Fierce campaigning in Britain over a new Brexit plan. Lawmakers will vote on new plans to leave the European Union on Tuesday. Food companies said there will be shortages if Parliament doesn’t pass a deal by the end of March.
A no-deal Brexit could also revive barriers between Ireland, which remains in the EU, and Northern Ireland, which is part of Britain. Residents fear that would endanger a fragile peace plan that ended decades of violence. CGTN’s Mariam Zaidi has details.
Down a country lane, little known to those not from these parts, is the border separating Northern Ireland from the Irish Republic. Road traffic signs are the only clues to your location. As we drive down the road, local residents point out landmarks and remember how it used to look.
“We’re actually in the North at the moment,” Seamus said. Kevin added, “There would have been old military checkpoints and installations there but they’re gone.”
Seamus remembers the checkpoints and the problems they caused. “For the local people, it would have been a big disruption in their daily life and to get to the other side there would have had to do a detour and turn 20 miles in some cases.”
In the 1960s, when The Troubles started, Northern Ireland was plunged into a war between the republicans and the unionists. By the 1970s, the British army had established checkpoints, effectively sealing the border to restrict the movement of paramilitaries.
Today’s open borders are part of the legacy of the 1998 Good Friday Peace Agreement. The people of the border communities fear a return to the past in the event of a No Deal Brexit.
“My family has lived in this area for several hundred years and we have never in our lifetime seen this area as peaceful, as happy, as economically prosperous as it has become in the last 25 years,” said resident William Tennison. “So don’t play dangerous games with people’s livelihood and with a border in Ireland, which has been associated in the past with so much violence and misery.”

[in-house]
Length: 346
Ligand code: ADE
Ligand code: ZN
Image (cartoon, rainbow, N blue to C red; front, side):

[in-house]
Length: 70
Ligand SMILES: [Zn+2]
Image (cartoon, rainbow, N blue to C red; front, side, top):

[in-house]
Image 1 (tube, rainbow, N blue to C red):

Ahead of a key Brexit vote in Westminster, border communities are making their voices heard.
“We’ll not accept a border on this Island,” said the speaker at one rally. “That border should be in the Irish sea. Theresa May sort out your own problems in your own country.”
A dramatic reenactment of the past, complete with soldiers and guns. The people that live across this porous border refuse any type of border. And as quickly as they put it up, they hack it down.
Today, Northern Ireland’s demographic is more evenly split between Catholics and protestants. With the prospect of an uncertain future under Brexit, calls for reunification with the Republic are gaining traction. This red and white tape is lifted up & down for people to pass. Grasped gently between two fingers, it perhaps conveys the simplest message of all.
On Sunday, some welcome news for the border communities. Ireland’s European Affairs Minister Helen Mcentee said they were not planning for a hard border and that Ireland would not accept a time-limited backstop in the Brexit Withdrawal agreement, as it was the only way to protect peace and the Good Friday agreement. All eyes are on Westminster as British MPs vote on the Brexit Plan B on Tuesday.